HUB.MN — The humble – and geographically inaccurate – beginnings of the Micras map have caught up with it this week as individuals began to question whether its depicted rivers should be called such.
Under the microscope in particular is the river in eastern Keltia, the northeastern-most continent of the Micras map, which drains into two different seas and is, using the specified map scale, tens of kilometres wide at its most narrow points. The river is a by-product of the early drawing of the Micras map by the Micronational Cartography Society at a time when realistic geographic detail was not a primary concern.
In the more than decade since the river was drawn, the map has more and more been used as a basis for realistic geofiction undertakings, leading to geographical improbabilities inherent in the map raising concerns for simulationist micronations who wish to make realistic maps for their micronations. The issue of the Keltian river was thus raised by Shyriath Bukolos who is the developer of the popular Gloria Mundi presentation of the Micras map.
On the Gloria Mundi map, Bukolos had divided the river into two distinct bodies separated by a large tract of land (see image at the end of this article for comparison). “I made the decision not to follow [the MCS depiction of the river] in the name of geographic reality; rivers, by and large, do not behave like that, and in my soul I felt uneasy about portraying one as doing so,” explained Bukolos in seeking public input on whether his map should be changed to reflect the official MCS depiction.
In a poll on the matter, the large majority of individuals agreed that Bukolos’ map should accurately portray the official depiction, but offered support to re-classify the river to be a narrow sea to resolve lingering questions regarding the improbable nature of the river.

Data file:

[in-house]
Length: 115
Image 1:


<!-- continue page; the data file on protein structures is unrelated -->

A former member of the Society’s Administrative Council, Ailin of Uantir, agreed with the reclassification. “Calling it a river is nonsense,” stated Ailin, explaining that the narrow sea option would be more realistic and explainable using plate tectonics, for example. He suggested that the Council address the issue officially as “unless that’s explained somehow or somewhere, we will always and forever deal with new people eventually noticing that the ‘river’ … is topographically ‘wrong’ and bring up the subject of ‘fixing’ it.”
If the decision is made by the Council to treat the river as a narrow sea, Ailin suggested that the map be re-drawn to make the feature wider and therefore reduce any potential confusion as to whether it is a river or a narrow sea when viewed against other rivers on the map.
As of press time, the Council has yet to undertake any formal discussion of the matter.